March 3, 2024

The Keystone to nowhere



Today’s Events in Historical Perspective

America’s Longest-Running Column, Founded 1932

The Keystone to nowhere

By Douglas Cohn and Eleanor Clift

WASHINGTON – Enough Democrats will join Republicans in voting for the Keystone pipeline that the measure will likely find its way to President Obama’s desk, where the White House has signaled it will face a veto. The 67 votes to override a presidential veto are likely out of reach for the GOP, but setting aside partisan politics, this is no great loss for the country.

Truth be told, this is a pipeline to nowhere. We have an abundance of oil right now; we don’t need more in the system. At some point in time, we will want that Canadian oil, but why spend the money now for oil we don’t need now?

Backers of the pipeline tout the jobs it will create. But with unemployment under 6 percent, the private sector is generating over 200,000 jobs a month. The overwhelming majority of the 42,000 jobs the State Department says will be created by building the pipeline will vanish once construction is complete.

Bottom line, we don’t need a jobs stimulus bill now, and we don’t need more oil. It’s not that companies should stop drilling, but why spend massive amounts of money for oil that’s not needed, and won’t generate much of a financial return. Why not keep it in the ground?

There are some genuine environmental concerns about Canadian tar sands oil, and they are highlighted by the fact that TransCanada, the company that is now the sole owner of the Keystone pipeline, will not be required to pay into the Oil Spill Liability Trust Fund. The Fund was created 25 years ago after the Exxon Valdez oil spill to help relieve taxpayers of the burden of clean up. It requires oil companies to pay a tax of eight cents per barrel to clean up any spills.

The State Department has said in a preliminary report that the pipeline would have a negligible impact on the environment, and giving TransCanada a pass on the Fund infuriates environmentalists.

The better argument for opponents to make is that in a world of diminishing resources, policymakers must distinguish between oil that should be pulled from the ground now, and oil that is better left in the ground.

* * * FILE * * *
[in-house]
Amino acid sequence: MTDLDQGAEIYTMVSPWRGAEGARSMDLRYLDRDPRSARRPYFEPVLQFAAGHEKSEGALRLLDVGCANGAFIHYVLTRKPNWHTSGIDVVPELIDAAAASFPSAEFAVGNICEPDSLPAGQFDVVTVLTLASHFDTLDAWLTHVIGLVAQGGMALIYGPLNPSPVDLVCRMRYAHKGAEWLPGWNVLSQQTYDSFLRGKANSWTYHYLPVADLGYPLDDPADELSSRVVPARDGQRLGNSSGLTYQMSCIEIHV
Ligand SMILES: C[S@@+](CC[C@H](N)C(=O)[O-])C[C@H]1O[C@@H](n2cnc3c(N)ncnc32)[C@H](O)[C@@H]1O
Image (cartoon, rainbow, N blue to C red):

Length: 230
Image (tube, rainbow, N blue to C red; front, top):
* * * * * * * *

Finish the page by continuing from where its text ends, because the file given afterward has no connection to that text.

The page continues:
Tar sands oil is hard to extract and more expensive to refine than liquid oil because of its thick, sticky viscous nature. It makes economic and environmental sense to leave it in the ground now, and extract it later when and if it becomes more viable economically.

A powerful ad running on cable news outlets proclaims the virtues of the Keystone pipeline, and says that President Bill Clinton, President George W. Bush, and even respected financier Warren Buffett all say the pipeline should be built.

It’s not surprising that Bush would support the pipeline. He’s an oil man from Texas, and he’s a Republican. His party is behind the big push for Keystone. As for Clinton, he was a pro-business president, and it’s fair to say that in his eight years in office, he cultivated a very positive climate for economic growth. Yet if Clinton were asked today whether he would support the pipeline, his answer might be very different than it was two years ago when he endorsed the project.

Ditto for Warren Buffett, who when asked early last year if he would support the pipeline, said yes. A year ago, oil was over a hundred dollars a barrel; today it’s under $50 a barrel with no sign of slowing in its downward trajectory.  Anything that happens in Washington has a political angle. But taxpayers should weigh the likely outcome of the Keystone fight as a matter of economics, not politics.

Twitter @WMerryGoRound

© 2015 U.S. News Syndicate, Inc.

Distributed by U.S. News Syndicate, Inc.


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